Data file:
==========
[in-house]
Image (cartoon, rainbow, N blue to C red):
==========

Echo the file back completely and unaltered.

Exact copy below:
[in-house]
Image (cartoon, rainbow, N blue to C red):